IELTS Exam Syllabus made easier for you

IELTS is the most acceptable form of testing the proficiency of English language for students seeking admission in the overseas universities. It’s applicable for those interested in joining graduation courses. This test is important because it reflects the skills of candidates in the English language who wish to stay in foreign countries for a considerable period. If they aren’t good enough in English, it will become a tough task for them to survive in a foreign country.

The IELTS Exam syllabus has the following sections:

Academic – Writing

The Academic writing section part has two different tasks. The questions asked in this section are of general nature of a basic level that any school student could answer. 

Task One

Applicants get a graph, chart, table, and diagram and questions are based on these. They have to explain and interpret the data by using a flowchart. 

Task Two

Applicants need to write an essay on a topic giving their views, argument and reasons. Ideally, the tone of answers should be formal and academic with suitable examples.

IELTS Exam syllabus 2023 – Speaking

There are three parts in this test, with a provision of recording for the evaluation purpose. This is an online test where the examiner evaluates candidate’s skills in spoken English. The test is of maximum 15 minutes duration. 

Part One

Questions for this test are related to candidate’s family, educational background, hobbies, work experience, and personality. The duration of this test is four to five minutes.

Part Two

For this test, applicants receive a printed card containing a topic and they have to speak about it. They get one minute for rehearsing and another two minutes for speaking. 

Part Three

This part is the extension of part 2, where examiner asks few more questions related to the Part two topic. Candidates need to discuss abstract ideas and issues. The test takes four to five minutes to complete.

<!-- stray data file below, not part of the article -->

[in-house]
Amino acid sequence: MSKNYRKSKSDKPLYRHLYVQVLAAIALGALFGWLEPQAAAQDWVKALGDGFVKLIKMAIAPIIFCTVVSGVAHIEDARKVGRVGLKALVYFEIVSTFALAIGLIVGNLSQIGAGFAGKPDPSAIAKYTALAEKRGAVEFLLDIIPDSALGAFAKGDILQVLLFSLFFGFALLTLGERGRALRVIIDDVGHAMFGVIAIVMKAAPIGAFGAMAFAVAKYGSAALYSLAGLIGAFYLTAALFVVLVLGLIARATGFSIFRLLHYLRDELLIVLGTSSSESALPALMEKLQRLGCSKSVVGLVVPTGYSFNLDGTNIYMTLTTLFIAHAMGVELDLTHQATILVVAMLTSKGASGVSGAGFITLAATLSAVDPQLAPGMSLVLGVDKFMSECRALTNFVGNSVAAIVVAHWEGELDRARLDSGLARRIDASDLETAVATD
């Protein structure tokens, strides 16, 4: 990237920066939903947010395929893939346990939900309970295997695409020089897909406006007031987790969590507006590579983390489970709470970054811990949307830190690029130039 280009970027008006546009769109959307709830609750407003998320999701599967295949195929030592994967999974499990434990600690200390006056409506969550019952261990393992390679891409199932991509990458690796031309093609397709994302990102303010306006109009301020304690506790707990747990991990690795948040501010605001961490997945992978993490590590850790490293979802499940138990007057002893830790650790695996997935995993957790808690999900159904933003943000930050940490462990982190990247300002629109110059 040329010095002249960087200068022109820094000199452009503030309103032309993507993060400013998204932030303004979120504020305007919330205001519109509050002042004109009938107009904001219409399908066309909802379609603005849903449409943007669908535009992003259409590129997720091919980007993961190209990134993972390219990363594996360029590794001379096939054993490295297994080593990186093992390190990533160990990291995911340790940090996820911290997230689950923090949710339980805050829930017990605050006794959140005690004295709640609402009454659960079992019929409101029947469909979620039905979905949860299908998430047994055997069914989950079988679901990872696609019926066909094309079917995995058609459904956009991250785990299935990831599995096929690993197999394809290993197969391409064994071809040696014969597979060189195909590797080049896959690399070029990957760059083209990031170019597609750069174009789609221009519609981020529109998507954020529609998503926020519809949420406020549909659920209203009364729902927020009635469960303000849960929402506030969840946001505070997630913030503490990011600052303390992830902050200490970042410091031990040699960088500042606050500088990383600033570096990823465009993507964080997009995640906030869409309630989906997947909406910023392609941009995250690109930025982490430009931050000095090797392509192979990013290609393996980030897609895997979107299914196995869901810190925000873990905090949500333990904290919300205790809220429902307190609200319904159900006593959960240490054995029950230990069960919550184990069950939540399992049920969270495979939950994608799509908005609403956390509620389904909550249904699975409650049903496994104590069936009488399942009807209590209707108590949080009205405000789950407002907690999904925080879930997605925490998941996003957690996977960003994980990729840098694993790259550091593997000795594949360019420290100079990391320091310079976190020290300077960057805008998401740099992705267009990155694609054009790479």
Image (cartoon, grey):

There are those who may be interested in the GMAT exam. To help them, let’s discuss some key aspects of the GMAT pattern. The exam takes place in almost every major country in the world. The GMAT pattern includes four sections:

Analytical Writing Assessment (AWA)

 Integrated Reasoning (IR)

 Quantitative Reasoning (QR)

 Verbal Reasoning (VR)

Let’s discuss each of these sections in GMAT format:

GMAT Pattern for Analytical Writing Assessment 

The Analytical Writing Assessment (AWA) section of the GMAT tests your ability to analyze an argument and express your views and ideas. To do well in this test, you should critically analyze the Reasoning behind the argument.

Duration: 30 minutes

Pattern: Analyzing arguments on a given topic & and an Issue

Score: The GMAT AWA percentile score is the percentage of candidates among whom you gave the best performance. For instance, if you scored an AWA of 4.5, your performance was better than 43% of candidates. The GMAT percentile score isn’t same every year, and it depends on the number of candidates.

GMAT Integrated Reasoning Pattern & Score

The Integrated Reasoning section evaluates your ability to collect information in various formats from different sources—skills necessary to succeed in our technologically advanced, data-driven world.

Duration: 30 minutes

Pattern: 12 questions of the following types: Reasoning from multiple sources, Interpretation of graphics, Two-part analysis, and Table Analysis.

Score: Usually, a score of 6 or above is considered good. If you score a 6, you’ll be in the 64th percentile; therefore, you’re ahead of about two-thirds of the candidates. A 7 would place you in the top 20% of candidates, and a perfect 8 would put you in the top 10%.